Ecological conversion in caring for our common home, thoughts from young Jesuits

Ecological conversion in caring for our common home, thoughts from young Jesuits

Four Jesuit scholastics from different parts of the world shared their reflections during the meeting of the Extended Council of Father General Arturo Sosa SJ from 3 to 7 June 2024 that focused on understanding and evaluating the commitment of the Society of Jesus to care, with others, for our common home. The meeting was also occasion to discern opportunities to adopt specific measures at the universal level.

From Brent Gordon SJ, Brother, US Central and Southern Province:

“For me, ecological conversion is a balance between, on the one hand, interior and personal conversion, and, on the other hand, communal and institutional change. Finding this balance is not easy. My primary message to Father General and his advisors is that this balance will be found within our Jesuit communities, between Jesuits of all ages and stages of life. While we are often comfortable envisioning and implementing programs and initiatives for and with others, true ecological conversion needs to begin within us as the body of the Society.”

From Gleison Pereira SJ, Regent, Brazil Province

“I am a Brazilian Jesuit collaborating with the Jesuit Service for Migrants and Refugees (Serviço Jesuíta a Migrantes e Refugiados or SJMR) in the Brazilian Amazon region during my regency. I am filled with hope as I contemplate the path we are taking as the Society of Jesus towards an ecological conversion. I believe we can make a deeper commitment by allowing the calls of our Common Home to change our consumption habits and community structures for a more sustainable lifestyle.”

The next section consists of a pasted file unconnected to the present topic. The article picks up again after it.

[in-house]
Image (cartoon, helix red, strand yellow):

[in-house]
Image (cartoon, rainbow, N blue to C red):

From Pál Füszfás SJ, Scholastic in First Studies, Hungarian Province

“Once upon a time human beings lived in greater harmony with nature, just because they didn’t have the possibility to live in any other way. For the past few centuries, humanity has been capable of destroying nature. This has resulted in an environmental disaster. I believe, though, that with this opportunity God is teaching us to act with greater freedom. Today we are not supposed to simply accept the limits that we are facing but – out of love – we have to set some limits ourselves and respect them, just like God does.”

Boris Foka Wadem SJ, Regent, West Africa Province

“My journey of involvement with the care for our common home began before I joined the Society and the publication of Laudato Si’. However, the encyclical enabled me to integrate spirituality into my reflection and my commitment to ecology. Once in the Society, I witnessed both an unconscious collaboration with the 4th Preference and a total neglect in practice. Knowing that the Society initiated this reflection 30 years ago, I’d like to suggest to the Council members a few ways of overcoming the resistance to its implementation: ensuring strong motivations, finding the right balance between rules and vision, and providing information on the reality of the crisis.”

This article is from the story, Our Common Home – Is It Too Late?, published in Jesuits.


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